Seven Things We Must Read if We Want a Vibrant Spiritual Life

Pastor shares some smart ways to grow closer to God while juggling busy work, family schedules

My kids love candy. That’s why at our house, Easter rivals Christmas. Like all Christians, I love the Easter celebration. But as a dad, I dread the overabundance of candy, for in the days after Easter, our house is littered with candy wrappers.

While parents lecture on many things, one of the recent topics at our house is a balanced diet. Candy is delicious, but my children are learning they can’t eat it every day. A healthy diet is important not only for our physical bodies, but for our souls, too. Just as children enjoy filling their mouths with sugar, many Christians like to consume their favorite forms of printed “sugar”: fiction books, romance novels, news periodicals, or celebrity magazines.

With the expansion of the digital marketplace, access to our favorite forms of “sugar” is easier than ever.

However, if we desire a spiritual life that is vibrant and healthy, we must nourish our minds and hearts with Scriptural truth from a variety of trusted sources.

Where can a Christian turn to develop a well-balanced diet of healthy reading that will truly nourish the soul?

1.) Read the Bible. Christian publications are helpful as they unpack God’s truth, but nothing compares to the Bible because it alone is inspired by God (2 Tim. 3:16). Bible reading plans abound, and you can find one to fit your routine. Read one book of the Bible this month, or read through the New Testament this summer.

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With daily discipline, you can even read the whole Bible in 12 months. If you want to walk with God, other books can be neglected — but the Bible cannot.

2.) Read Christian classics. In addition to the Scriptures, read Christian classics. These are books that generations of Christians have embraced for the way they apply God’s truth. Read a few pages each day as part of your devotional exercises, and you’re off and running. Christian classics include books like “The Pilgrim’s Progress,” by John Bunyan; “Knowing God,” by J.I. Packer; “The Pursuit of God,” by A.W. Tozer; and “The Holiness of God,” by R.C. Sproul.

3.) Read classic devotionals. Not all devotionals are created equal. Much of today’s devotional material is just self-help psychology dressed up in Christian clothes. You don’t want that; you want the devotionals that Christians have trusted for generations. Examples of these include “Morning and Evening,” by Charles Haddon Spurgeon; “My Utmost for His Highest,” by Oswald Chambers; and “The Valley of Vision,” edited by Arthur G. Bennett. These soul-stirring devotionals are available in both print and digital formats.

4.) Read Christian biography. Next to the Bible, nothing else stokes the devotional life like Christian biographies. When you read biographies of Christian heroes, you join them in the journey. Whether they are battling a challenge, celebrating a victory, or mourning a defeat, you are right there with them, learning more about God in the process.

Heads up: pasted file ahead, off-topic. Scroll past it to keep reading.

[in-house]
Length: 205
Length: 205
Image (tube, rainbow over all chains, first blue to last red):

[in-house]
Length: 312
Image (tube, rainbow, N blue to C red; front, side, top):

Where should you begin? Start with some legends in Christianity’s hall of fame: Martin Luther, Dwight L. Moody, or William Wilberforce. Female members would include Fanny Crosby, Corrie ten Boom, or Joni Eareckson Tada.

5.) Read the best sermons. Have you ever wondered why so many Christians swoon over the sermons of Charles Haddon Spurgeon, Martyn Lloyd-Jones, or James Montgomery Boice? Sample them for yourself! Purchase a book of printed sermons and commit to reading one sermon each week. If you can’t afford a hard copy, you will find many of these sermons online and ready for consumption.

6.) Read a theology book. A good theology book is like a good steak: It’s dense and packed with nutrients. If you’re hungry for a little more “meat” in your devotional diet, sink your teeth into a good systematic theology book. These books walk you through the major doctrines of God’s Word in an organized way.

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It may take you a few weeks or months to finish, but the effort is worth it. Beginners should start with “A Survey of Bible Doctrine” by Charles Caldwell Ryrie. More seasoned Christians would benefit from Wayne Grudem’s “Systematic Theology.”

7.) Read a subscription-based devotional. Perhaps your schedule is extremely busy, but you’re still desperate to meet with God. Thankfully, there are many subscription-based devotionals that are trustworthy and time-friendly. Subscribe to Moody Bible Institute’s “Today in the Word,” Ligonier Ministries’ Tabletalk magazine, or “Our Daily Bread” from Radio Bible Class. In addition to being faithful to the Bible, these daily devotionals can be digested in as little as 15 minutes. Some can even be delivered to your email inbox.

It has been more than a month since Easter, and I’m thankful. The candy wrappers are long gone, and my kids have finally descended from their sugar high. While children love sugar, parents know they must have a balanced diet for a truly healthy life.

If we’re going to have a vibrant Christian life, we need a well-rounded diet of God’s revealed truth.

The same is true for Christians. We can’t live on a steady diet of fiction or news magazines. If we’re going to have a vibrant Christian life, we need a well-rounded diet of God’s revealed truth.

The good news is that the spiritually nutritious truth we need is always available — printed in black and white. And there’s not a cellophane wrapper in sight.

Ryan Day is senior pastor of Grace Baptist Church in Hazleton, Pennsylvania, where he has served for 19 years. He is a regular contributor to LifeZette.

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